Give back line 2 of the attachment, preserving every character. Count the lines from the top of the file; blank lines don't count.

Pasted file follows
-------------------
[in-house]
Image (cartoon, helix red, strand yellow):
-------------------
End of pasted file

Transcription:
Image (cartoon, helix red, strand yellow):